For human-human communication, we developed an interactive tabletop system in which users can browse their private information by casting their shadows on the tabletop while sharing graphical information in non-shadow areas [1]. We also proposed shadow-based pointing interface for shared information displayed on a large screen around 10-feet away from users.

For human-machine interaction, we proposed an extended hand interface in which a user’s hand is visually extended by projection so that she can manipulate distant appliances as she touch them [5]. While seating on a chair, the user can use the extended hand to tell a home service robot a specific distant object such as a cup that she wants the robot to bring or a specific place where the robot should clean up. We also proposed to enrich the face expression of an android by projecting high frequency face appearance information to realize more natural human-robot interaction.

5 Future Direction

Figure 1: Overview of extended hand interface [5].

In the extended hand research [5] (Fig. 1), we found an interesting phenomena: a user felt the projected hand is her own hand. In another research, we found that warmth judgement of an touched object is affected by hand color, which is changed by projection. These results indicate that we can alter human perception either by projecting user’s body texture onto real surfaces or by projecting graphics onto a user’s body. In future, we will focus more on investigating this issue, which could allow us to develop more flexible and intuitive systems, with researchers in other domains such as cognitive science and neuroscience.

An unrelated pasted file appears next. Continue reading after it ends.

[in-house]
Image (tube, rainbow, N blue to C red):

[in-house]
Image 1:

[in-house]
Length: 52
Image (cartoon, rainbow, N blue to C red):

• [1] M. Isogawa, D. Iwai, and K. Sato. Making graphical information visible in real shadows on interactive tabletops. IEEE Trans. Vis. Comput. Graphics, 20(9):1293–1302, 2014.
  • [2] D. Iwai, S. Takeda, N. Hino, and K. Sato. Projection screen reflectance control for high contrast display using photochromic compounds and uv leds. Opt. Express, 22(11):13492–13506, 2014.
  • [3] D. Iwai, T. Yabiki, and K. Sato. View management of projected labels on non-planar and textured surfaces. IEEE Trans. Vis. Comput. Graphics, 19(8):1415–1424, 2013.
  • [4] T. Karitsuka and K. Sato. A wearable mixed reality with an on-board projector. In Proc. of IEEE ISMAR, page 321, 2003.
  • [5] S. Ogawa, K. Okahara, D. Iwai, and K. Sato. A Reachable User Interface by the Graphically Extended Hand. In Proc. of IEEE GCCE, pages 215–216, 2012.
  • [6] K. Sato and S. Inokuchi. Range-Imaging System Utilizing Nematic Liquid Crystal Mask. In Proceedings of IEEE International Conference on Computer Vision (ICCV), pages 657–661, 1987.
  • [7] N. Sugita, D. Iwai, and K. Sato. Touch Sensing by Image Analysis of Fingernail. In Proc. of SICE, pages 1520–1525, 2008.
  • [8] G. Yamamoto and K. Sato. PALMbit: A palm interface with projector-camera system. In Proc. of Ubicomp, pages 276–279, 2007.
  • [9] T. Yoshida, C. Horii, and K. Sato. A Virtual Color Reconstruction System for Real Heritage with Light Projection. In Proc. of VSMM, pages 825–831, 2003.